Evel's 1974 rocket-cycle jump over the Snake River Canyon certainly fit that description. The stunt took several years to orchestrate, and Evel pushed forward even in the face of likely disaster. His rocket cycle failed all of its pre-flight tests and his landing plan consisted mostly of crossing his fingers. When the jump took place, the force of the thrust knocked Evel out cold, releasing his hand from the emergency parachute deployment lever. That stopped the cycle dead in its tracks. Amazingly, had the mishap not occurred, the cycle probably would havee made it across the canyon. Evel's eject mechanism also failed, trapping him inside the machine he called his "sky-cycle." He landed just a few feet from the raging river at the floor of the canyon.
Evel walked away with minor injuries and, true to form, began working on his next stunt shortly after. Ever heard the pop-culture term "jump the shark"? Evel invented that one by — you guessed it — jumping over a shark.
Want to read more on Evel's incredible career? Check out our comprehensive interactive infographic.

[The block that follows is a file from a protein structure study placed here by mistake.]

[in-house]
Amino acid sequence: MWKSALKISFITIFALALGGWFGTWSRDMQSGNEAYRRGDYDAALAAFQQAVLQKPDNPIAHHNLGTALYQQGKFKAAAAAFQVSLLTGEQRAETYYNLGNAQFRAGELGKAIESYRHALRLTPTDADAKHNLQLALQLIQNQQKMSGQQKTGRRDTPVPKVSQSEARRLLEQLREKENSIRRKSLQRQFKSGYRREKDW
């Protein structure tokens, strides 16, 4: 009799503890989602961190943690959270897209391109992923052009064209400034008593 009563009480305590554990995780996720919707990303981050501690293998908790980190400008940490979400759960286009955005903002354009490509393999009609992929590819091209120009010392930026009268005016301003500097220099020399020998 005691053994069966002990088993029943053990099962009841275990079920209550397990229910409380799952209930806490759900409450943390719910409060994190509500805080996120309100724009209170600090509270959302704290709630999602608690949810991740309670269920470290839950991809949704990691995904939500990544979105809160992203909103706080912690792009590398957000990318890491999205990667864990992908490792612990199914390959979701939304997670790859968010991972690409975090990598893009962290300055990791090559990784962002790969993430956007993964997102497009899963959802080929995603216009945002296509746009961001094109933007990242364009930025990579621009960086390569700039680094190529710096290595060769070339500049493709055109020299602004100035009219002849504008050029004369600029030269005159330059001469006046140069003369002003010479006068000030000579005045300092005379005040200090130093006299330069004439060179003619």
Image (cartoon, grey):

Australian Rosco McGlashan surived the 70s without catching the bug to jump over things on his motorcycle. Strange, when you consider that the road to fame and fortune for thrill-seeking young bikers of that era was clearly marked: hurtle your body successfully (or unsuccessfully) over trucks, cars or sharks, and the the riches will follow.
But Rosco just wanted to go fast, and go fast he did. His early career consisted of competition on clutchless V-8 monsters, rocket-powered screamers, and 250 mph karts. That rocket-powered screamer, pictured here, was banned by the Australian government in the name of safety before it ever got a chance to hit top speed.